One singer-songwriter doesn’t take her cello sitting down
Lindsay Mac is about to get on a flight. Leaving her home in Cambridge, Mass., the 31-year-old singer-songwriter has booked herself a seat to fly out to the West Coast for her latest tour, which comes to Don Quixote’s on Monday, March 8. Next to her on the plane won’t be a band member, a stranger or, thankfully, a crying baby. “Cello Mac,” as she refers to her instrument of choice when giving it a passenger name for a plane ticket, gets to join the compartment for human bodies.
“Now that oversize luggage is charged so ridiculously it’s not nearly the savings it was to check my cello in,” she begins, “so buying a seat for it is worth it.” While giving her cello an assigned seat is normal during her travels, onstage it’s a different story.
Edward Sharpe and the Magnetic Zeros spread the good word
If it’s the job of a messiah to convert the unbelievers, then Edward Sharpe—aka Alex Ebert—has some work in front of him. Stumbling upon the former Ima Robot frontman’s band at this past October’s Treasure Island Music Festival, Edward Sharpe and the Magnetic Zeros are the kind of act that immediately invited my skeptical inquiry. Not since The Polyphonic Spree had I seen a band with such a definitive “shtick.”
For those who have never seen them live (or their appearance on David Letterman), the group is a dozen-or-so-strong baroque ensemble with a singular and undeniable hippie aesthetic that it will bring to the Rio Theatre on Monday, March 1. Ebert usually dances around shirtless and shoeless, nappy hair tied in a crown, while the rest of the band easily could have taken its wardrobe from the set of Little House on the Prairie. Still, Ebert denies collusion, stating that “it’s just us being who we are. If we coordinated it’d be obvious. We’d be wearing all black, or all white or something.”
Violinist Laura Albers uses her superpowers to rekindle the spirit
Laura Albers is a veritable Wonder Woman with a violin: She works as the Associate Concertmaster of the San Francisco Opera orchestra, holds bachelor and master of music degrees from The Cleveland Institute of Music and Juilliard, races as a triathlete and also happens to be double-take beautiful. Oh, and did we mention that she started playing the violin at age 2?
No, that isn’t a misprint. Albers, who will perform at Cabrillo College Distinguished Artists Concert & Lecture Series’ “Rekindling the Spirit of the Age of Enlightenment” (an all-Mozart program taking place at Cabrillo Music Recital Hall on Saturday, Feb. 27 and Sunday, Feb. 28), took up music as a 2-year-old with the help of her mother, violin teacher Ellie LeRoux. “I wanted a violin because that’s what she had,” Albers explains.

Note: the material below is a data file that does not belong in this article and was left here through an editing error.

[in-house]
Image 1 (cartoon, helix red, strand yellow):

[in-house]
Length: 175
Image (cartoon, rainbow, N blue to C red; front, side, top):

The indie queen draws inspiration from the ground up
Don’t box Mirah in. This becomes crystal clear to me about 10 minutes into my phone interview with the 35-year-old indie musician when I suggest that entomology writings are an odd place to draw artistic inspiration from. I am swiftly taken to task, admonished for harboring a narrow view of music, and informed that such a muse can come from anywhere. I feel I’ve just learned a great deal about the songstress.
Originally hailing from Philadelphia, Mirah Yom Tov Zeitlyn now lives in San Francisco after having spent a number of years residing in the Pacific Northwest and splitting time between Seattle and Portland. “There are just such beautiful views everywhere, the air is really good,” says Mirah of her new home. “I like to climb and get up high—whether it be on my bike or on foot—to get views of the ocean.”
Asylum Street Spankers give God a ride on a new gospel tour
When a band that’s known for its comical forays into drug- and sex-themed tracklists puts out a live album of gospel tunes, heads are going to turn. “Doesn’t that seem like the natural order?” jokes Asylum Street Spankers’ founding member and washboard enthusiast, Wammo. “I don’t think anyone in the band is very religious, but there’s more to gospel than just religion. Musically, these songs are amazing!”
“These songs” are gospel covers, plus two original songs (written by Wammo) on Asylum Street Spankers’ ninth release, humbly entitled God’s Favorite Band. It’s no subtle endeavor, but the Spankers are no subtle ensemble.